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Pokémon Go owners to sue developers over third-party hacks

The Pokémon Company has sent out at least one cease and desist letter to an independent developer threatening prosecution under the Computer Fraud and Abuse Act. The letter, sent to GitHub user Mila432 and reposted online, contains a detailed breakdown of how the developer violated Pokémon Go's terms of service with a reverse-engineered application programming interface (API). It also says the developer may be subject to legal action if he or she does not comply with the company's demands.




"Your actions ... potentially violate the Computer Fraud and Abuse Act, a statute that prohibits the unauthorized access of servers and access which exceeds authorization as well as similar state statues," the letter reads. "And your inducement of others to violate numerous terms of service provisions violates the CFAA."


Mila432's API, released online over at code repository GitHub was designed to automate Pokémon Go play. It allows any third-party developer to create bots that could play the game without user input by effectively simulating the software and communicating with the game's servers. The Pokémon Company says this API violates the Pokémon terms of use, which governs the use of the Pokémon Trainer Club account system for logging into the game. It also allegedly violates the Pokémon Go terms of service, which dictate how users interact with the game, its servers, and any data involved in the communication between the two.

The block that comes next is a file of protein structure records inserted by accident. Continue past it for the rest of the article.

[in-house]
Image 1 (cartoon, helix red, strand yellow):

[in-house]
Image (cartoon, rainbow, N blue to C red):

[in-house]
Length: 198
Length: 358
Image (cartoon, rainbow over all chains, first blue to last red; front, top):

The Pokémon Company has banned Mila432 from accessing any Pokémon-related service, and it's also asking the developer remove the API from GitHub within seven days. The letter was first received on July 28th and the API remains live over at GitHub, where it has been starred more than 2,250 times. Mila432 was not immediately available for comment.

This appears to be a significant escalation in how Pokémon Go's creators are handling any abuse of the service. Starting this week, developer Niantic begin restricting how third-party APIs access its servers, effectively breaking many of the popular pokémon-tracking apps used to locate different creatures on a virtual map. 




This was, according to Niantic CEO John Hanke, a decision the company felt it had to make to ensure the game was played fairly and to reduce the amount of strain being placed on its servers. "We have limited access by third-party services which were interfering with our ability to maintain quality of service for our users and to bring Pokémon GO to users around the world," Niantic wrote in a Facebook post on Monday.

The creator of the most popular Pokémon Go mapping API has not received a cease and desist letter.



That API is still available at GitHub as well. Enabling people to use bots to play the game would seem to be where Niantic and The Pokémon Company draw the line. It even now appears hacking and taking advantage of exploits is now a reason for a permanent game ban.

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